I’m back in DC! Actually I’ve been back for 3 days now, but I’ve been catching up and managed to get hit hard by yet another sinus infection. The flight home was a bit questionable for a while, but it all worked out. Apparently I didn’t actually reserve my return for last sunday from Kotlik to Emmonak to Anchorage on Grant Aviation so I called up on Saturday to confirm it and found it didn’t exist, then scrambled to figure out how to get back to Anchorage in time for my flight to Seattle. Turns out that if you book standby for the flight out of Kotlik you’ll most likely get it as people will call up, reserve it, and then cancel on the day of the flight. I have to admit initially it seems a bit odd when you are dealing with a 4 or a 6 seat plane which comes in only daily and has limited weight capacity, but as you don’t have to pay for the ticket ahead of time from Kotlik it seems to work. I woke up Sunday morning then not knowing if I’d be their till Thursday (all planes till then were booked up) or if I’d be able to get out on standby, but I got the call from the town agent and busily packed up and got myself out to the plane. Turned out to be a different plane then what I came in on, this was a 8 seat Piper PA-350 Navajo which had exactly one seat left on it, the co-pilot seat. How cool is that!
Of course I didn’t find out till I was halfway into the flight that I was flying to Bethel not Emmonak… oops.
More stress, but in the mean time I was having way to much fun talking with the pilot and figuring the plane out. (Why is it so mesmerizing to watch a little plane icon while the map moves?) I also found out what if feels like to flying through the cloud banks at 5,000 feet when you can’t see the ground or what is in front of you and realize that you should have been paying more attention to Man Vs Wild. A momentary thought replaced by remembering to trust the instruments and not to worry.
As I said, it all worked out. I grounded at Bethel. Ran inside, talked to the women at the Frontier Flying Service Counter, found out they had one open seat left to Anchorage and it was leaving in 15 mins, bought it and knew I was golden. Tis what makes travel fun.
Of course when I returned to Anchorage, I found I didn’t have a place to sleep again. My couchsurfer turn out not to be in that day, oops. Ah well, there’s always Village Inn…or not. I took in a movie at the Bear Tooth Theater & Restaurant (a brilliant establishment I must say, similar to the Cinema Grill, but with more class and better prices), then hopped on over to the airport for a few hours rest. I flew standby to Seattle instead of waiting and met up with a guy who lives in Olympia, works for the USDA, and happened to be in DC during a couchsurfing meet-up. He’s a bit of a beer connoisseur and Seattle has a ridiculous number of micro-brews so we caught up over a few good pints in a wonderful Seattle dive bar.
Slept the night, hopped on a plane the next day to DC and didn’t have much of an issue adjusting timezones (due to lack of sleep), but had a headache that was not pretty. These last three days have been fun keeping up with, but I saw the doc today and am on a mending path.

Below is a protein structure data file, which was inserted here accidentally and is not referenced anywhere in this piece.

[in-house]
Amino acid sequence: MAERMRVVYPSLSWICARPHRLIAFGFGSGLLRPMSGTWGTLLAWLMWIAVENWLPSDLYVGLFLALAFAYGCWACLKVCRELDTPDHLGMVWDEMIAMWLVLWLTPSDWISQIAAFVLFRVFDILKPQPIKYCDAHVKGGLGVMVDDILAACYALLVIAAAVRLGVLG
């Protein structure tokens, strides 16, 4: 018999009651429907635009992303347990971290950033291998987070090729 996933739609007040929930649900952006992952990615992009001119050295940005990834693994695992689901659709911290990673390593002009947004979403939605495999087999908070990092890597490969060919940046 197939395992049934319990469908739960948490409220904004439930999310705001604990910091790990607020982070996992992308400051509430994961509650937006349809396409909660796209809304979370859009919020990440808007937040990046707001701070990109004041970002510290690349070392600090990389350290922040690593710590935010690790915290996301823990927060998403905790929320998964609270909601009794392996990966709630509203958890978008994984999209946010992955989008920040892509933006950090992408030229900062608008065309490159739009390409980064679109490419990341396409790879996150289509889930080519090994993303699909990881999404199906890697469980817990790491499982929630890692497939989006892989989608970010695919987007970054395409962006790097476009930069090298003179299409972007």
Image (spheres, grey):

Which leads me to how the instant love of Miro. Miro is like iTunes but is really more of an open source Internet TV Video Player. I’ve been recuperating by watching more TED.com videos and reading boingboing.net to catch up, and I found post about Miro on and instantly realize how much simpler and more rewarding my life just got. I’ve been hunting on the web for videos from places that are educationally valuable, such as TED.com, PBS.org, National Geographic, etc. and obviously have come up with a few, but wow how I just scratched the surface! Arthur C. Clarke once figured that if you take the number of television channels broadcasting simultaneously at this very moment and extended it throughout history you’d have millions and millions of hours of programming. Even I, who dislikes television in general will admit that there is at least a million hours of worth that probably passes the highest standard. Combine search engine technology in a vast repository such as the internet and viola, you have the chance to make those million hours of worthwhile programming come to life for your rest hours.
This is also the point where broadcast studios might be obsolete. Want news, go check out your a news vlogger like rocketboom.com instead of CNN, or do you want a reality show go watch a 17 year old Meekakitty who did a video blog of her 2 months in Hong Kong and is far more real, interesting, and interactive then whatever reality tv show is on NBC right now. Perhaps you think you can do it better by creating story about a Vampire lesbian in Antarctica. Grab your 200 dollar camera, a Macbook, and start at it! Admittedly the studios aren’t going away soon, the quality of some
videos/news/drama out there isn’t great, and this can be just as easily used to find the smut of the internet, but this is one huge leap forward in a connected and self-educating humanity.
Welcome to the new era in television.
P.S. I’ve uploaded all the decent photos from this trip I’ve got to my flickr account so take a look. Unfortunately the hard drive I took with me and put my time lapses on has develop a rather annoying head problem and may be irrecoverable. I have some of my pictures backed up, but flickr might be my have save my ass…